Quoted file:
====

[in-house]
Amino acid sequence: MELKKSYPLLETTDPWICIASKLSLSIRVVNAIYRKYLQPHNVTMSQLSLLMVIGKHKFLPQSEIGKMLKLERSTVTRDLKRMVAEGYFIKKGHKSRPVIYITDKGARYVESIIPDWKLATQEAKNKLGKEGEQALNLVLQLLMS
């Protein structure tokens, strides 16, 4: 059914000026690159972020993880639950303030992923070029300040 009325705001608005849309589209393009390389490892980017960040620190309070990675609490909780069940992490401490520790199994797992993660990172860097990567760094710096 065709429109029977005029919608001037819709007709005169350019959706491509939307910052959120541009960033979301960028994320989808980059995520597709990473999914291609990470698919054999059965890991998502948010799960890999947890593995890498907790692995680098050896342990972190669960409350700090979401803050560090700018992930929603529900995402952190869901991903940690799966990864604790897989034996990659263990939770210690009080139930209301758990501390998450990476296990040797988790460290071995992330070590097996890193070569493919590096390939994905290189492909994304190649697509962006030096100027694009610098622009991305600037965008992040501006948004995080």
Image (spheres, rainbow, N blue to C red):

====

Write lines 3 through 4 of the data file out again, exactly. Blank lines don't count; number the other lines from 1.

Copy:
């Protein structure tokens, strides 16, 4: 059914000026690159972020993880639950303030992923070029300040 009325705001608005849309589209393009390389490892980017960040620190309070990675609490909780069940992490401490520790199994797992993660990172860097990567760094710096 065709429109029977005029919608001037819709007709005169350019959706491509939307910052959120541009960033979301960028994320989808980059995520597709990473999914291609990470698919054999059965890991998502948010799960890999947890593995890498907790692995680098050896342990972190669960409350700090979401803050560090700018992930929603529900995402952190869901991903940690799966990864604790897989034996990659263990939770210690009080139930209301758990501390998450990476296990040797988790460290071995992330070590097996890193070569493919590096390939994905290189492909994304190649697509962006030096100027694009610098622009991305600037965008992040501006948004995080």
Image (spheres, rainbow, N blue to C red):